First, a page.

Brilliance in Pursuit of Futility10 July, 2008
Today I had an off-site program up at a scout camp to the north. I used my own vehicle, so (((Wife))) could come along. It gave us a chance to talk without the normal household interruptions, which was kind of nice.
We talked about the church she attended while in Junior and Senior High — a UCC church just outside of Boston. Her minister (for whom she also occasionally babysat) had a Doctor of Divinity from Harvard. The man was absolutely brilliant. Intimidatingly brilliant. He had devoted most of his life to the study of one set of books written between 1800 and 3,000 years ago. He spent a large chunk of his life arguing which version of the Bible, which translation of the Bible, which pieces of which story, were the actual word of God.
Well, I’ve heard it said that, in any discipline, the further along you go in your education, the more you know about less and less. I admire anyone who can manage a doctorate from Harvard. That is impressive. But, I have to wonder. Could he have devoted his intelligence to a less useful discipline? A doctorate in divinity strikes me as an absolute waste of brain power.
I majored in history (specifically European military history (focusing on the modern period (ca 1500 to present))), so my comment may seem a little hypocritical. After all, does the study of the Bible or the study of real history have any real effect on the world? I can show at least one instance (off the top of my head) in which the study of history has had a real effect — during the Cuban Missile Crisis, John Kennedy read Barbara Tuchmann’s The Guns of August which laid out an effective argument showing that the First World War had been an accident. Kennedy altered his approach, consciously trying to avoid an accidental war.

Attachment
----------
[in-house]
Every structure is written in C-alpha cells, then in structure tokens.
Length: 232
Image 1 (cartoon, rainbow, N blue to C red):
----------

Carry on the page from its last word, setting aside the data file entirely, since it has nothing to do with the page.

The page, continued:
Arguing about a set of anonymous stories collected in it’s (approximate) current form 1800 years ago really doesn’t help today. If anything, by narrowing the options available to only what is found in those few pages, the study of the Bible forces decision makers into an us-versus-them mentality which, had Kennedy thought along those lines, would have made a catastrophic war more likely, not less.
Now for the question which may generate flames: Did (((Wife)))’s brilliant minister, with a Doctor of Divinity from Harvard, possessed of an insightful mind, really believe the ‘miracles’ within the Bible? Would not study have exposed the contradictions, mistranslations, complete lack of contemporary historical references, bowdlerizations, or outright impossibilities? What selective cognizant dissonance allows an otherwise brilliant person to swallow that one piece of absurdity on faith when all other education focuses upon proof?